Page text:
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Exclusive: Open banking payments generate 4x fewer carbon emissions than cards, GoCardless finds

Card transactions are responsible for over 400,000 tonnes of carbon emissions each year, switching to account-to-account payments could reduce that to just 100,000 tonnes.

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Zbynek Burival/Unsplash.

In the race to embrace modern payments, turns out there’s yet another good reason to switch to open banking payments and finally ditch your bank card. 

It’s better for the environment.

That’s not just because bank cards are made from plastic, which certainly adds to their carbon footprint, but also because of the more complex nature of card payments, making each transaction more energy-intensive.

According to new research from payments giant GoCardless, research that AltFi can exclusively reveal, a typical card transaction generates around 0.53 grams of CO2 emissions versus 0.13 grams for account-to-account payments.

The reason is the convoluted eight stages involved in a typical card transaction, as data bounces between the merchant, payment processor, card provider and bank.

While the data involved are microscopic, around 75 bytes according to GoCardless, times that by eight jumps, and then by the 787.5bn card transactions made each year, and you have a vast amount of data that needs to be processed.

In total, GoCardless estimates that global card payments result in over 472,000 GB of data—or nearly 500 Terebytes—and the energy needed to move all that data is what gives card transactions a footprint of 416,742 tonnes of CO2 emissions.

Combine this with the 293,525 tonnes of CO2 emissions generated by creating all those cards in the first place, and you have a giant environmental footprint.

“Our recent study reveals it’s not only what we buy that can make the difference -- how we pay for things can play a part too,” said Ben Knight, head of environmental sustainability at GoCardless.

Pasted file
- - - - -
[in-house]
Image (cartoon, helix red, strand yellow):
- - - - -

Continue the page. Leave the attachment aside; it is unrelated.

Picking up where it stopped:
The answer given by GoCardless is to switch to a less energy-intensive payment method. 

Account-to-account payments or open banking payments only require data to be sent between two parties, which would reduce the carbon footprint of card payments to just 104,222 tonnes of CO2 emissions.

Add to that the fact that no plastic cards are needed, and in Knight’s eyes, there’s a clear winner.

“This won’t be a silver bullet; there are many factors at play, including the energy the payment company provider uses to process their transactions,” he says.

“We also recognise that changing the way you pay may seem like a small step in tackling these big environmental issues. But one small action multiplied by millions of people can add up very quickly.”

It might just be a winning argument. In a recent YouGov survey of 2,258 UK adults, GoCardless found over half (57 per cent) of respondents would be willing to switch payment methods if it meant reducing their environmental impact.

Although, just one in six (18 per cent) would be willing to give up paying by card entirely, so there might still be some persuading needed.

The full GoCardless research report 'Payments, plastics, people and the planet' is available on its sustainability page here shortly, and Knight will be joining AltFi to discuss some of his findings at AltFi’s Festival of Finance 2022 this Wednesday.

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Ben Knight

Head of Environmental Sustainability


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